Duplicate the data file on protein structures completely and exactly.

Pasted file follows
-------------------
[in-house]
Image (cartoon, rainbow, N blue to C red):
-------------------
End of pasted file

[in-house]
Image (cartoon, rainbow, N blue to C red):